of producing a certain effect or result; effective, potent, powerful.
- 1432-50 tr. Higden (Rolls)
II. 177 For a man and the worlde be assimilate in iij. thynges, in dimension
diametralle.., in disposicion naturalle, and in operation virtualle.
- 1432-50 tr. Higden 185.
- 1526 Pilgr.
Perf. (Pynson) iii. ix. 47 b, That is called after Saynt Thomas
virtuall attencyon which causeth a person in the begynnyng of his prayer to
haue an actuall consideracion of the prayer or duety that he hath to do.
- 1619 W. Sclater Exp. 1 Thess. (1630) 37 So vertuall was
the speech of Paul a Prisoner, in the heart of his Judge.
Shirley Arcadia iv. iii, I meant it A draught for false
Zelmane, it being virtual To increase affection.
- 1672 Josselyn
New Eng. Rarities 12 The Loone is a Water Fowl, alike in shape to the
Wobble, and as virtual for Aches.
- 1683 Moxon Mech. Exerc.,
Printing i, Dr. Dee..as a vertual Proof of his own Learned Plea, quotes
two Authentique Authors.
b. Mech. (See
- 1815 J. Smith Panorama Sci. &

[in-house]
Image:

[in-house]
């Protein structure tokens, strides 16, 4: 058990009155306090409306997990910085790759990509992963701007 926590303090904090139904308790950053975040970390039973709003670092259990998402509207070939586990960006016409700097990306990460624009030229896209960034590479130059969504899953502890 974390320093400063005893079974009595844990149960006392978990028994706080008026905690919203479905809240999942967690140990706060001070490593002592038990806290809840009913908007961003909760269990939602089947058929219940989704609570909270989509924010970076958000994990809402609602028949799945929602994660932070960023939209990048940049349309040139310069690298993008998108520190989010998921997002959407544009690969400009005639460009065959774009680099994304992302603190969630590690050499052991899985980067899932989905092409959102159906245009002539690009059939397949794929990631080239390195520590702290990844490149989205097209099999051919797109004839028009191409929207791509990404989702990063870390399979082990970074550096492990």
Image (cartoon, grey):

Art II. 124 Whatever is the real length of the leg b a [of a
siphon], the virtual or acting length when in use, only extends from
b to the surface of the fluid.
- 1825 J. Nicholson Oper.
Mech. 67 The velocity..due to a head of 15 inches; and this we call the
virtual or effective head.
4. a. That is so in essence or effect,
although not formally or actually; admitting of being called by the name so
far as the effect or result is concerned.
- 1654 Jer. Taylor Real Pres. 21 We affirm that
Christ is really taken by faith,..they say he is taken by the mouth, and
that the spiritual and the virtual taking him in virtue or effect is not
sufficient, though done also.
- 1664 Jer. Taylor Dissuas.
Popery ii. §8 But even this attention is not necessary that it
should be actual, but it suffices to be virtual;
- 1697 Burghope
Disc. Relig. Assemb. 166 We shall find it to amount to no less than a
vertual renunciation of our baptism.
- 1734 Waterland Diss.
Exist. First Cause 30 Every Proof a priori proceeds by Causes
either real or virtual.
- 1769 Burke Obs. Pres. St. Nat.
Wks. 1842 I. 112 One part of it could not be yielded..without a virtual
surrender of all the rest.
- 1787 Bentham Def. Usury viii.
73 Heading, Virtual Usury allowed.
- 1820 Milner Suppl.
Mem. Eng. Cath. 132 To prevent the virtual choice of a Catholic Bishop
by an A-Catholic Ministry.
- 1844 H. H. Wilson Brit. India
III. 211 He had reigned thirty-three years, during the first ten of which he